Loos noted that the more of the gene variants a person has, the greater their susceptibility to obesity. These variants are inherited from both your mother and your father, so you can have as many as 64 variants, she explained.
The average person has about 28 to 32 of these variants; about 2 percent of the population carries more than 38 variants and 2 percent of the population carries less than 21, Loos added.
These genes appear to act in the brain, Loos said. "This suggests that these genes may act through increased food intake -- maybe appetite and reward," she said. "But you still need the environment on top of that to really trigger that susceptibility."
Over the past 30 years, the obesity epidemic has exploded, Loos pointed out. "Our genes haven't changed, our environment has changed," she stated.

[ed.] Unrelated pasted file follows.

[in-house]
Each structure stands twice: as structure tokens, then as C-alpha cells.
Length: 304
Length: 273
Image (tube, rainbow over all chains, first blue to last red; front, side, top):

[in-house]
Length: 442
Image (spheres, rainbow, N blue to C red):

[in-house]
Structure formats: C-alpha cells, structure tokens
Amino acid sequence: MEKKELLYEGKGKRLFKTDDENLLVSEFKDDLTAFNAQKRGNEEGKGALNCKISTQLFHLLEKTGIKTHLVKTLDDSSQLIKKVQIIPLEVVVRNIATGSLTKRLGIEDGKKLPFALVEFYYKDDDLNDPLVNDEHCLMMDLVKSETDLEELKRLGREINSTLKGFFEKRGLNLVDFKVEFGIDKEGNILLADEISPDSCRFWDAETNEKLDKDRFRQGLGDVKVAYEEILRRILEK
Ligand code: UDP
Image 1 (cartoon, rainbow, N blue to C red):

However, Loos added, there are several genes whose variants are linked to extreme obesity.
In a second meta-analysis, Loos and colleagues looked at 32 genome-wide studies for genes associated with hip-to-waist ratio, which is a measure of fat distribution. These studies included 77,167 people.
The researchers identified 13 genes associated with hip-to-waist ratio that had not been identified before. Among these genes, seven had a stronger effect on women than men.
These findings show that there are sex-specific genes that regulate fat distribution. Moreover, these genes and the ones in the first study don't overlap, suggesting that different genes regulate BMI and fat distribution.
The differences between where men and women store fat -- men on the waist, women on the thighs -- is likely genetically driven, Loos said.
Obesity expert Dr. David L. Katz, director of the Prevention Research Center at Yale University School of Medicine, said "that there are genes as
All rights reserved